Big data is here, but do users understand it?

The expansion of business intelligence's purview over the past few years has been one of the most important enterprise IT stories. Solutions that were once rather limited in their role are now able to digest huge quantities of information as it churns its way through corporate IT infrastructures, identifying patterns and allowing leaders to improve their logic on the fly.

That doesn't mean, however, that adoption and use of this cutting-edge tech have been uniform across the corporate world. It's now up to organizations to seize the advantages promised by the vast improvements in analytics and content collection that have debuted in various fields. A firm with a great grasp on big data will doubtless see different outcomes than one still struggling to internalize the concepts.

Getting a grip on the technology
According to TechTarget, there may be some gaps in organizations' big data knowledge, and if there's one thing that can keep companies from reaching meaningful goals in business IT, it's a lack of understanding. The source noted an informal poll at The Data Warehousing Institute Executive Summit found only one respondent in a room of approximately 100 was willing to say he or she "understood what big data is all about." The technology's buzzword status may have led to unfortunate after-effects, wherein its name is widely known but its best practices remain obscure.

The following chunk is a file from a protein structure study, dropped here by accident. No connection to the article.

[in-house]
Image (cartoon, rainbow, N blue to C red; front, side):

The quest to better understand just what data is all about is vitally important. TechTarget pointed out that consultant Rick van der Lans laid out ways in which big data can carry companies to the top of their respective fields. He stated there should be a deep appreciation of the power inherent to big data, one that extends to the leadership teams in departments other than IT. It is normal for tech specialists to have a grasp on what's coming down the pipeline. Real change may mean teaching these lessons to the executives holding the purse strings.

Solutions with expansive appeal
One great way to use big data may involve spreading the technology itself to every department through tools that are customizable and widely applicable. These are products such as Necto 14, designed with dashboards that show metrics relevant to the specific user rather than requiring each potential adopter to learn a huge number of new skills and practices. This may be the type of move that both convinces holdouts of what BI is all about and results from important research. Relevant to today's IT departments, Necto is attuned to large data sources, making it part of the big data learning process.

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